Four Reasons Why Cats Purr
It’s been an exhausting day. You crawl to the couch and pull yourself up, throwing a blanket over your legs and reaching for the nearest escapist magazine. Your little furry ball of emotional support soon follows. They curl up on top of your open magazine, look up at you with blinky eyes and begin to ... purr. You’ve found your happy place. You close your eyes, smile and revel in that sweet, sweet sound.
And then you ask yourself, why do cats purr? Because they love you, of course. But it’s actually more complicated than that. Here is a deeper look into the into the sound that makes all of our days better.
How do Cats Purr?
Before we delve into the reasons why cats purr, we should take a look at how exactly our furry friends make that sweet, sweet sound.
The science of how cats purr has changed over the years and many theories have been proposed. It is surprisingly still not fully settled. But the most accepted theory is that purring involves the brain, larynx (the throat) and the diaphragm, which facilitates breathing by contracting and relaxing to force air in an out. The brain sends signals to the larynx and diaphragm to oscillate, which causes tension the part of the larynx known as the glottis, which includes the vocal cords and the space between them.
According to Great Pet Care, a purr results from tension and relaxation on the glottis when a cat breathes in or out. And one of the unique elements of the purr is that other vocalizations, such as meows, happen only during the expiration of breath.
So now that we know how cats purr, lets take a closer look at why.
How it all begins. The Mother-Kitten Relationship
Few things are as precious or fragile as a new-born kitten. Kittens can’t see or hear at birth, so it is the vibration of their mother’s purr that leads them to warmth, comfort and safety. Within days, kittens start purring back to express their contentment and pleasure. And that, in turn, better helps mama cat locate her babies at feeding time.
Purring is also thought to help keep newborn kittens safe from predators. It is believed that some predators either can’t hear purring or are less likely to react to the sound of a purr because the purring sound doesn’t indicate, as would a cry, a potential prey animal in distress.
Keeping themselves fit and healthy
While cats don’t actually have nine lives, it often seems like they do. They get themselves into jams and then, with the grace only a cat possesses (or not), they get themselves out again. But medical science also backs up the nine-lives
theory. According to, Pets WebMD, cats also fair better after surgeries than dogs. And purring is thought to have a lot to do with that.
The frequencies of cats’ purrs make their entire small bodies vibrate, and these vibrations can help them heal their wounds and bones, lessen pain and
swelling, build muscles and repair tendons. And that’s good for more than just healing injury. It also helps once wild and active cats stay strong in their now cushier lives. As we all know, cats spend a lot of their time preserving energy (also known as napping in their favorite Cat Box Classics box) and waiting for a likely successful hunting opportunity, even if that’s just tackling a rainbow play wand or meandering to their bowl. So purring is believed to help stimulate otherwise idle, napping bones to help prevent them from becoming brittle or weak.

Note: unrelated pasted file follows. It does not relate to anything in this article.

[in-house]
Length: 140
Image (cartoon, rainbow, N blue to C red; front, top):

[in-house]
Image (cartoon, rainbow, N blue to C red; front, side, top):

(How do we get in on this purring as exercise deal?)
They’re Trying to Calm Themselves
In addition to being good for the bones, those low frequency purring vibrations are also good for the kitty soul. What many cat owners don’t know is that cats
also purr when they are stressed, in pain or very sick. The wondrous thing
about purring is that the low-frequency vibrations help cats ease their breathing and soothe tension.
It’s similar to the slow breathing many humans try to do when their boss unexpectedly asks to see them for a moment. Deep breathing helps humans lower stress because it sends a signal to the brain to relax. Our brains then send that message to our bodies, which helps calm heart rates, lower blood
pressure and ease rapid breathing. It’s largely the same with cats. According to Scientific America, cats actually purr on both the inhale and exhale with at a frequency between 25 and 150 Hertz. (Otherwise known as that sweet, sweet sound). The Humane Society of the United States characterizes purring in those instances as similar to a small child sucking their thumb. It’s just a gentle way to calm themselves.
The Reason we all Know: They’re Happy and Relaxed
This is the reason for purring we’re all blissfully familiar with. Our furry friends are curled up in our laps, getting a belly rub in the sun or settling in on top of us for a night’s sleep, and, like they did when they were just a few weeks old with their mothers, they purr because they are happy and content.
As an added bonus, much scientific evidence suggests cats purrs are also good for humans. Exposure to a purring cat has been shown to calm breathing in
humans, lower blood pressure and cat owners even have a lower risk of heart disease. And there is growing evidence that those low frequency vibrations that help heal cat bones do the same for humans.
So, while the scientists and cat behaviorists have delved into and uncovered the varied and complicated answer to the question why do cats purr, the answer was already clear to all cat owners. Our cats purr because they love us.
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